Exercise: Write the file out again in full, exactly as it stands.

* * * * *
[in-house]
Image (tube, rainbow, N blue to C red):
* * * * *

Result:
[in-house]
Image (tube, rainbow, N blue to C red):